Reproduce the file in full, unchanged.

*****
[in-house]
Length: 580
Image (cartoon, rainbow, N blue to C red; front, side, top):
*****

[in-house]
Length: 580
Image (cartoon, rainbow, N blue to C red; front, side, top):